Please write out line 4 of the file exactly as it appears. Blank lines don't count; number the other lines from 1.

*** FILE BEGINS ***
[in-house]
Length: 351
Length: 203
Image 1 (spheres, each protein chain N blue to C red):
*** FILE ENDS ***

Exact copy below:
Image 1 (spheres, each protein chain N blue to C red):